"Never in the delirious dream of a disordered brain could anything more savage, more appalling, more hellish be conceived than that dark form and savage face which broke out of the wall of fog."The feeling of the moor, the old house and the suspicious and unexplained death of Sir Charles lay the foundation for a spooky atmosphere. Also, it's cold. Have you noticed that most paranormal experiences happen when it's cold?
Sherlock has dealt with the Master Criminal of his time, murderers, thieves and a very clever woman. He had yet to deal with the devil. Until he heard the tale of the Hound.
Doyle lays out a plot thick with the gothic novel's romantic overtures of horror and mystery. At the time he wrote this, 1900, Mary Shelley's Frankenstein was 75 years old, Dracula had been around for several years, Edgar Allen Poe's works were in circulation, "penny dreadful's" had been prolific and readers were pretty comfortable with "atmosphere".
Doyle did a great job of writing the line between atmospheric horror and Sherlockian logic. As you proceed in the adventure of tailing someone in the streets of London, assessing clues, beholding the stark and moody moor, meeting the strange people who all seem to be hiding something and stride about with the ever stolid Dr Watson we are left undecided as to who, or what, is behind it all.
Was it the butler who creeps about at night and signals out the window? What of the serial murderer escaped from prison? What of the missing boot? Where is this demonic hound?
I don't have a favorite character in this story, I am equally enamored with Sherlock and Watson, I think they are the perfect team, being a mixture of intelligence, common sense, criticism and wholesomeness.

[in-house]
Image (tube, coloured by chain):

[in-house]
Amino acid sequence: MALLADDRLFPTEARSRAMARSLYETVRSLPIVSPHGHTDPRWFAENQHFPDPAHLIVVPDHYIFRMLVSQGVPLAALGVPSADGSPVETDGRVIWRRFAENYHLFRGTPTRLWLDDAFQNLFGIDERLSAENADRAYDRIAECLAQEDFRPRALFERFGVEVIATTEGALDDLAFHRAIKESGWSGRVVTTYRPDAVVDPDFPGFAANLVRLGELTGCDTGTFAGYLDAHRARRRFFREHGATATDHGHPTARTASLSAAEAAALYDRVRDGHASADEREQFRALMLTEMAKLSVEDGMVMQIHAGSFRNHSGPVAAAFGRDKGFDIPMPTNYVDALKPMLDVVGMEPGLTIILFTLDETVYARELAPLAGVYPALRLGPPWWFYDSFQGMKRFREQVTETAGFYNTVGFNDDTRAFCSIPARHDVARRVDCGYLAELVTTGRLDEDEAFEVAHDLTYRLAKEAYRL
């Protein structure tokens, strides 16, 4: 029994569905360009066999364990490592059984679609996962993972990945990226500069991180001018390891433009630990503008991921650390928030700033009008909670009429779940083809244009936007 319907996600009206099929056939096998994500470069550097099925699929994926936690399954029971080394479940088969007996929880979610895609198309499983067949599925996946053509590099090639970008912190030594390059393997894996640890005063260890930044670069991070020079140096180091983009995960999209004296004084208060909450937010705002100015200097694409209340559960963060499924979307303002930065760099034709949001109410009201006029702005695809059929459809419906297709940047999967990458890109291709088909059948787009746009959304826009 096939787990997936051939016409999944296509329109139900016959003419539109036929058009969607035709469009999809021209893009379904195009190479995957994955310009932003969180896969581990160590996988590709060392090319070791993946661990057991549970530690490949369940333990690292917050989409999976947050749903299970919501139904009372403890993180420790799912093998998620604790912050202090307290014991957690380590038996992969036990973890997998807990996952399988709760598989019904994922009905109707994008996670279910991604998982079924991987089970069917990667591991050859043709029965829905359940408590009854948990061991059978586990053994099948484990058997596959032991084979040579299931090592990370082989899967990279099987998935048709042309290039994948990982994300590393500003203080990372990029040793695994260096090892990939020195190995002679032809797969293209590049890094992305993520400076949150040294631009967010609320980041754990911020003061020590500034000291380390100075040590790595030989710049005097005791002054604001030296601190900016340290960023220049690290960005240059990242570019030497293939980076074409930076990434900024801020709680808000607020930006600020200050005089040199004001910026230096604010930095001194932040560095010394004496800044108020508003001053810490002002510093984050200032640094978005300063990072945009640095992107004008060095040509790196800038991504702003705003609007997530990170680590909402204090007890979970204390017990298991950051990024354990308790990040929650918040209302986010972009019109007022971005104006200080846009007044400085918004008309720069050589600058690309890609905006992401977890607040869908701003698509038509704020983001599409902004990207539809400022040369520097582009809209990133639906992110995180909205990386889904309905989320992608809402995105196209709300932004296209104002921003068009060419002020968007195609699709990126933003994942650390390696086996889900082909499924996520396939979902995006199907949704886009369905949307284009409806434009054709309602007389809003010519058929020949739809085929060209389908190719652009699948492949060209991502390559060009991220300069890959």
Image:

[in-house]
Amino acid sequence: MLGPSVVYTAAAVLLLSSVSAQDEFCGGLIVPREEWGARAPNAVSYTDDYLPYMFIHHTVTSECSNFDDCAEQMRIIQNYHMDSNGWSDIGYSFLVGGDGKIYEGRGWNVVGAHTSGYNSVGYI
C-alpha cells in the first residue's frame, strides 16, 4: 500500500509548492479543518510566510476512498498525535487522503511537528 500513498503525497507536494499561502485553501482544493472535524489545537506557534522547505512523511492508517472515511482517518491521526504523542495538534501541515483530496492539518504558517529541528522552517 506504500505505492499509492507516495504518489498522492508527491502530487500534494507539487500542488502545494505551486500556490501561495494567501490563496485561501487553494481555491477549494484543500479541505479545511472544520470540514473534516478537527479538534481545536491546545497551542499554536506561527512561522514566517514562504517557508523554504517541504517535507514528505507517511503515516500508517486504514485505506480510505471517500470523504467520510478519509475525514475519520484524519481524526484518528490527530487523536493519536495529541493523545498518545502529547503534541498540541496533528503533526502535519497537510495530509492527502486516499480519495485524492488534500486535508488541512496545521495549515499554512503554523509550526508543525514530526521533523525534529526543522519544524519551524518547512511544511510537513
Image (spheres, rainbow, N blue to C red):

I do love the phraseology and vocabulary. I'm a word girl and I love the good turn of phrase:
"It is not my intention to be fulsome, but I confess that I covet your skull." - Mr James Mortimer
"The world is full of obvious things which nobody by any chance ever observes." -Sherlock Holmes
As psychological thrillers go the The Hound of the Baskervilles isn't as terrifying as some, yet I think it is satisfying in plot and scope. Interestingly, Doyle himself was enthralled with the supernatural world, he was a member of the Society of Psychical Research and the Freemasons. I've not discovered why he kept the Hound a natural dog rather than breach the world of spirituality. I'd like to think that perhaps Sherlock would have nothing of it, regardless of Doyle's own feelings.
If you have read all of Doyle's works and desire to continue in the company of Sherlock Holmes I do recommend The Beekeeper's Apprentice by Laurie Hall.
Did you read along? Now is your opportunity to share your thoughts/blog posts in the comment section below.
On and on into November we go!
P.S. I read The Beekeeper's Apprentice at Sky's recommendation years ago and absolutely loved it. If you're looking for a fun mystery series, check that out!